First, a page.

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Saskatchewan Premier Brad Wall, energy industry advocate, to resign


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Saskatchewan Premier Brad Wall, energy industry advocate, to resign

Premier Brad Wall, who led his center-right Saskatchewan Party to back-to-back victories amid a resource boom in the province, has announced his resignation.

Wall will retain his position while the party selects a new leader who will become premier of the province until the next election. Wall said in an Aug. 10 news conference that he will also resign as member of the Legislative Assembly for the southeastern Saskatchewan riding of Swift Current.

During Wall's tenure, Saskatchewan's economy boomed, adding 67,000 new jobs while the population soared to almost 1.2 million from less than 1 million. A tip of the Bakken Shale that extends into the province provided an economic boost as oil prices surged, and Saskatchewan's potash, uranium and coal resources pushed prosperity in what had been a predominantly agriculture-based economy. He said the province's performance in his tenure exceeded his own expectations.

"If someone would have told me, by the way, at the start of my term that at the end of my time that we would be 1.16 million, that there would be 67,000 more jobs, that we would have gotten around to build a children's hospital and psychiatric hospital, and 40 brand-new and replacement schools, and new long-term care facilities, I might have doubted all that," Wall said. "I would have taken any part of that as success."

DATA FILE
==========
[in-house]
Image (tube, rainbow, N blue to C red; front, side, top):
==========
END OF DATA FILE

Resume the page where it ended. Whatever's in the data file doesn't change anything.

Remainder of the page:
Wall, 51, was a vocal supporter of resource development. He was an active promoter of TransCanada Corp.'s Keystone XL and Energy East pipeline proposals, improved the province's internal pipeline structure and energy links with neighboring North Dakota, and opposed a so-called national carbon tax that has been threatened by the federal government. Province-owned SaskPower has also sought to extend the life of coal-fired power plants adjacent to large mines in the province's southeast through the use of carbon-capture technology.

Recent events have hurt the province's finances and also the Saskatchewan Party's fortunes. The party retains a lead in polls, Wall said. Lower commodities prices have hurt the province's finances. forcing the government to introduce budget cuts and predict a deficit in the current year. Wall, a fiscal conservative, said despite the downturn, the province is still on good financial footing and his party could win another election.

"Sometimes we'll be hearing that the budget is unpopular but we need to stick to this plan to get back to balance," Wall said. He predicted resources will continue to play an important role in the province's future. "We have this amazing story to tell, and products and resources to sell to the world, but we need to be in those regions where there is a current market and a growing market," he said.